Whether you're just starting out in the pizza business or you've had a pizzeria for years, everyone runs into pizza dough problems.
Here we've gathered three common pizza dough questions asked of Tom "The Dough Doctor" Lehmann.
If these don't help with your most recent dilemma, search the PMQ.com article database or let us know in the comments.
What’s the secret to a crispy crust?
The “secret” is just the opposite from what you might think it is: Add more water to the dough formula. This allows the dough to be a little more fluid, and expand more readily during those first few critical minutes in the oven. The greater porosity (less dense) structure of the dough creates a far better thermal block to the heat coming up from the bottom of the pizza than a dense, heavy dough would. As a result, heat does not readily move through the dough and into the sauce, where it is dissipated as steam during the baking process; instead, it builds at the bottom of the dough piece, which gives a more thorough bake and creates a crispier texture in the finished crust. (Read Tom Lehmann's full explanation here.)
Does it really make a difference what type of oil I use when I make my pizza dough?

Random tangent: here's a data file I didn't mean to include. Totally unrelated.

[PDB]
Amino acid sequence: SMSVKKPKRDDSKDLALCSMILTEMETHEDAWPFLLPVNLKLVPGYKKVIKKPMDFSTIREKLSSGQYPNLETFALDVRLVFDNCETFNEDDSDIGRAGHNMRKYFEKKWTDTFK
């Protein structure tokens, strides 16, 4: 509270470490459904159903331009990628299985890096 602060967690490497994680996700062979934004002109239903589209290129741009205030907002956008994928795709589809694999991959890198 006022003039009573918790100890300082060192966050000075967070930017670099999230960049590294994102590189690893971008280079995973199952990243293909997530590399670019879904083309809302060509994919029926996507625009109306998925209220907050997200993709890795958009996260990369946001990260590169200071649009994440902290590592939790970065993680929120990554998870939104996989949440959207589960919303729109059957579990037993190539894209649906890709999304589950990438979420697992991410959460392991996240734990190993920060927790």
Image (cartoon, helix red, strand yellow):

From a functional point of view, no, but from a flavor point of view in your finished crust, the answer could very well be a resounding yes. Different types of oil can impart different flavor profiles in the finished (baked) crust. For example, olive oil will impart a very characteristic flavor as will butter oil while oils such as canola, palm or corn oil have very little, if any, perceptible impact upon the flavor of the finished crust. Keep in mind that any type of oil will impact the flavor of the finished crust by carrying or retaining other flavors within the crust, but here we’re just talking about the flavor imparted by the fat/oil itself. In a number of Latin American countries we see lard being used as a major source of fat in many products including pizza dough/crust. Lard is no exception; it provides a very unique flavor to the finished crusts. (Read Tom Lehmann's full explanation here.)
Will using Instant Dry Yeast (IDY) versus Active Dry Yeast (ADY) affect my dough at all?
Actually, there is little difference between instant dry yeast, active dry yeast (ADY) or compressed/fresh yeast. For me, it all boils down to convenience. Instant dry yeast (IDY) has a long shelf life (one year or more), so it can be purchased by the case, possibly saving a little money on delivery costs. IDY, like ADY, does not require refrigerated storage, whereas compressed/fresh yeast must be stored continuously under refrigeration. Unlike ADY, IDY does not need to be hydrated in warm water prior to use; in fact, it actually performs better when added dry and blended into the flour before mixing. That’s one less thing that might go wrong in preparing your dough. (Read Tom Lehmann's full explanation here.)